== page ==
For today's post, Jay interviews Viv Sliwka of Hen's Teeth Art, an example of whose envelope art follows. (The link no longer takes us to the Hen's Teeth story but here is a link to Viv's etsy shop, just in time for, well, whatever you want it to be in time for.)

Art from Hen's Teeth, Viv Sliwka.

My personal bridges over troubled water require color, humor, simple joy, a deft hand and a facile mind.  An envelope from Hens Teeth meets all my needs.  And apropos of a Simon and Garfunkel hit,  last month on her blog 37 Paddington, Angella offered those of us of a certain age the chance to rekindle our collective passion for the pair and the soundtrack they gave us.  A post worth visiting.

Sunday, October 7, 2012

The procession

Life as a Renaissance Faire procession, all fluttering banners, gonfalons, trailing ribbons, flowers and flutes.  It is a scene that recreates, in my imagination, the wake of a land-borne ship: dusty footprints, daisies fallen from garlands, sounds receding, molecules separated and rearranged.  Our own solitary procession leaves its traces as well.  Often, we have no idea what they are or even that they are.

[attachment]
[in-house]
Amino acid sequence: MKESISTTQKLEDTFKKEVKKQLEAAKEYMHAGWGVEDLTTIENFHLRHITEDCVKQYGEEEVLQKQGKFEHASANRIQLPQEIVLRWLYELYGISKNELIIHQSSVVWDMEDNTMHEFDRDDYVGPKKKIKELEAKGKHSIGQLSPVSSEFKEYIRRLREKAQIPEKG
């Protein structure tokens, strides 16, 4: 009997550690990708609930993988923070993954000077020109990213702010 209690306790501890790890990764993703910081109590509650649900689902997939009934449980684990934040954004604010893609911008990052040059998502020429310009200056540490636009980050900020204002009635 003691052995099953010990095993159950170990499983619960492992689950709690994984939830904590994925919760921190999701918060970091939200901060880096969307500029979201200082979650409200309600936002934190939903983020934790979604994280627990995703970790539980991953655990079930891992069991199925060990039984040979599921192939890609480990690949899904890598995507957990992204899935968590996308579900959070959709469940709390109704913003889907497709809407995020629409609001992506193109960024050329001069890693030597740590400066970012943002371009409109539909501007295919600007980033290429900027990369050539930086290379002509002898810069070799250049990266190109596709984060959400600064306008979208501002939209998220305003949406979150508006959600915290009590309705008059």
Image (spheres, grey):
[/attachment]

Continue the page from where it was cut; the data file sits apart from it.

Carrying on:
It is not only the scholarly, the devout, the remarkable who influence and change thought, who inspire, who ignite.  We are all touched and altered, even if imperceptibly, by those whose paths we cross.

The message I've received from multiple, diverse sources, is this: burrow within, find what is truest and least tangled, what feels weightless and brings the shining essence of me with knowledge but without baggage.  Wear it, model it, give it, live it - no small tasks - and don't ever ask, "Am I doing okay?"  You know.  You've always known.  Keep moving.  With love,

Saturday, October 6, 2012

Walking in my dreams

Maira Kalman, with her words and paintings, animates the snapshot moments that speak of how our lives exist in stand-alone compartments that may or may not seep from yesterday and into tomorrow.  One of my failings or gifts is looking for and, mostly, finding a Bigger Picture, a context within which there is meaning and portent in anything from (I exaggerate) a toothpick to bending the space/time continuum.  At the same time, I have come to know that some experiences are simply gems, cut unlike any other and residing in solitary perfection on the pedestal of a day, an hour.  They have no history, no expectation, they just are and our only work is to love and savor them as that.